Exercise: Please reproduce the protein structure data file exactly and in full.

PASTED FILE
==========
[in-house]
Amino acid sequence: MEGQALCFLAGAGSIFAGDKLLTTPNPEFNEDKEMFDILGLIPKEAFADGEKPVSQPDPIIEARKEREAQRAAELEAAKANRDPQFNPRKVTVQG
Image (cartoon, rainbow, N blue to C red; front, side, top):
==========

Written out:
[in-house]
Amino acid sequence: MEGQALCFLAGAGSIFAGDKLLTTPNPEFNEDKEMFDILGLIPKEAFADGEKPVSQPDPIIEARKEREAQRAAELEAAKANRDPQFNPRKVTVQG
Image (cartoon, rainbow, N blue to C red; front, side, top):